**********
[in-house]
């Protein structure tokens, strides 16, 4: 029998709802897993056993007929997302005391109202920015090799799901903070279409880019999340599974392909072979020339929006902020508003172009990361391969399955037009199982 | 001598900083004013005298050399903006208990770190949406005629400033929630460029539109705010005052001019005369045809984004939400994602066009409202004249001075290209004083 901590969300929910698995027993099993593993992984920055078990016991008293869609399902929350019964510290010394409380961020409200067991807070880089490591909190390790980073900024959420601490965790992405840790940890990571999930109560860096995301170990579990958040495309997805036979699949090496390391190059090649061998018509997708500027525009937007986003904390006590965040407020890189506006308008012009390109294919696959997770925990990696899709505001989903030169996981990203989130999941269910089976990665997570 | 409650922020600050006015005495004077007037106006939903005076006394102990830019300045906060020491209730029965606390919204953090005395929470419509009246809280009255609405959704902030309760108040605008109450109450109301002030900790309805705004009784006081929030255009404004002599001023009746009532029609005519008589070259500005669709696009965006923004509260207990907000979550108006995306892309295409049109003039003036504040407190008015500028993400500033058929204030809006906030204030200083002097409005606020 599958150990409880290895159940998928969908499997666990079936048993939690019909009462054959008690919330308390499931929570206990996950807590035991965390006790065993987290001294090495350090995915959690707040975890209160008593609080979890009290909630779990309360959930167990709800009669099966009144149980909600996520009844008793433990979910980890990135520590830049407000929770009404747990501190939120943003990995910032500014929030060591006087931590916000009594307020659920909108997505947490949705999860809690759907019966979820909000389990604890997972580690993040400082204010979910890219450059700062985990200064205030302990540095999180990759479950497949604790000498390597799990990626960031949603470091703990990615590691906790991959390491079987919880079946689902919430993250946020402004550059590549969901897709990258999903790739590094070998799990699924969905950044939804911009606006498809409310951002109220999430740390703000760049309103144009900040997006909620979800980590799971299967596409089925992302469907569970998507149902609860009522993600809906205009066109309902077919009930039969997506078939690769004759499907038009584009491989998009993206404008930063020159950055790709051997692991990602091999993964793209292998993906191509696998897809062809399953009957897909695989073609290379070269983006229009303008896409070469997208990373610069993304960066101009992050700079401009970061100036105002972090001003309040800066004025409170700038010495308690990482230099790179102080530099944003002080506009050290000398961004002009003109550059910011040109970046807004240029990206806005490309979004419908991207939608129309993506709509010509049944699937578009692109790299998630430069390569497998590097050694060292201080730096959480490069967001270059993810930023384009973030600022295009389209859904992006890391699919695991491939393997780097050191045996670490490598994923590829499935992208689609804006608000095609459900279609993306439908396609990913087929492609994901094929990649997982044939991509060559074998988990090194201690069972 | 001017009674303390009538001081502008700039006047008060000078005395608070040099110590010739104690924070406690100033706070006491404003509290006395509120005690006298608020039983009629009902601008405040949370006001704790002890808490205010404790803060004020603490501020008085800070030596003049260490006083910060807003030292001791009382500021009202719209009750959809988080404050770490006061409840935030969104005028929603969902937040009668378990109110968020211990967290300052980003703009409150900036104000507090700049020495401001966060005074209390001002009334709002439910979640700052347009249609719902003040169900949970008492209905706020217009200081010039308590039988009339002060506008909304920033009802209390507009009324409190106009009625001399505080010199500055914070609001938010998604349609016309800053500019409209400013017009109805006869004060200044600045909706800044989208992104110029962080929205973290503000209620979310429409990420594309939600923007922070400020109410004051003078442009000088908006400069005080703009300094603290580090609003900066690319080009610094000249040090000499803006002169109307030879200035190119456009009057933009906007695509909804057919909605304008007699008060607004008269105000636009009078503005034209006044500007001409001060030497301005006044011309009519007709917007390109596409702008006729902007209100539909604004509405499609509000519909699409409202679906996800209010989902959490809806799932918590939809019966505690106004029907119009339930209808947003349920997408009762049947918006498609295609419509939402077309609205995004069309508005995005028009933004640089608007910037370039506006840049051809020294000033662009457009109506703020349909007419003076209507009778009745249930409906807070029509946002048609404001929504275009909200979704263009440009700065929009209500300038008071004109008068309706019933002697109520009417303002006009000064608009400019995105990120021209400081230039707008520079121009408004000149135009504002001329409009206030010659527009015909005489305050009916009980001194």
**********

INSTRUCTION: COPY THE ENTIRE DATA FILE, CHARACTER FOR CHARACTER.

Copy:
[in-house]
């Protein structure tokens, strides 16, 4: 029998709802897993056993007929997302005391109202920015090799799901903070279409880019999340599974392909072979020339929006902020508003172009990361391969399955037009199982 | 001598900083004013005298050399903006208990770190949406005629400033929630460029539109705010005052001019005369045809984004939400994602066009409202004249001075290209004083 901590969300929910698995027993099993593993992984920055078990016991008293869609399902929350019964510290010394409380961020409200067991807070880089490591909190390790980073900024959420601490965790992405840790940890990571999930109560860096995301170990579990958040495309997805036979699949090496390391190059090649061998018509997708500027525009937007986003904390006590965040407020890189506006308008012009390109294919696959997770925990990696899709505001989903030169996981990203989130999941269910089976990665997570 | 409650922020600050006015005495004077007037106006939903005076006394102990830019300045906060020491209730029965606390919204953090005395929470419509009246809280009255609405959704902030309760108040605008109450109450109301002030900790309805705004009784006081929030255009404004002599001023009746009532029609005519008589070259500005669709696009965006923004509260207990907000979550108006995306892309295409049109003039003036504040407190008015500028993400500033058929204030809006906030204030200083002097409005606020 599958150990409880290895159940998928969908499997666990079936048993939690019909009462054959008690919330308390499931929570206990996950807590035991965390006790065993987290001294090495350090995915959690707040975890209160008593609080979890009290909630779990309360959930167990709800009669099966009144149980909600996520009844008793433990979910980890990135520590830049407000929770009404747990501190939120943003990995910032500014929030060591006087931590916000009594307020659920909108997505947490949705999860809690759907019966979820909000389990604890997972580690993040400082204010979910890219450059700062985990200064205030302990540095999180990759479950497949604790000498390597799990990626960031949603470091703990990615590691906790991959390491079987919880079946689902919430993250946020402004550059590549969901897709990258999903790739590094070998799990699924969905950044939804911009606006498809409310951002109220999430740390703000760049309103144009900040997006909620979800980590799971299967596409089925992302469907569970998507149902609860009522993600809906205009066109309902077919009930039969997506078939690769004759499907038009584009491989998009993206404008930063020159950055790709051997692991990602091999993964793209292998993906191509696998897809062809399953009957897909695989073609290379070269983006229009303008896409070469997208990373610069993304960066101009992050700079401009970061100036105002972090001003309040800066004025409170700038010495308690990482230099790179102080530099944003002080506009050290000398961004002009003109550059910011040109970046807004240029990206806005490309979004419908991207939608129309993506709509010509049944699937578009692109790299998630430069390569497998590097050694060292201080730096959480490069967001270059993810930023384009973030600022295009389209859904992006890391699919695991491939393997780097050191045996670490490598994923590829499935992208689609804006608000095609459900279609993306439908396609990913087929492609994901094929990649997982044939991509060559074998988990090194201690069972 | 001017009674303390009538001081502008700039006047008060000078005395608070040099110590010739104690924070406690100033706070006491404003509290006395509120005690006298608020039983009629009902601008405040949370006001704790002890808490205010404790803060004020603490501020008085800070030596003049260490006083910060807003030292001791009382500021009202719209009750959809988080404050770490006061409840935030969104005028929603969902937040009668378990109110968020211990967290300052980003703009409150900036104000507090700049020495401001966060005074209390001002009334709002439910979640700052347009249609719902003040169900949970008492209905706020217009200081010039308590039988009339002060506008909304920033009802209390507009009324409190106009009625001399505080010199500055914070609001938010998604349609016309800053500019409209400013017009109805006869004060200044600045909706800044989208992104110029962080929205973290503000209620979310429409990420594309939600923007922070400020109410004051003078442009000088908006400069005080703009300094603290580090609003900066690319080009610094000249040090000499803006002169109307030879200035190119456009009057933009906007695509909804057919909605304008007699008060607004008269105000636009009078503005034209006044500007001409001060030497301005006044011309009519007709917007390109596409702008006729902007209100539909604004509405499609509000519909699409409202679906996800209010989902959490809806799932918590939809019966505690106004029907119009339930209808947003349920997408009762049947918006498609295609419509939402077309609205995004069309508005995005028009933004640089608007910037370039506006840049051809020294000033662009457009109506703020349909007419003076209507009778009745249930409906807070029509946002048609404001929504275009909200979704263009440009700065929009209500300038008071004109008068309706019933002697109520009417303002006009000064608009400019995105990120021209400081230039707008520079121009408004000149135009504002001329409009206030010659527009015909005489305050009916009980001194």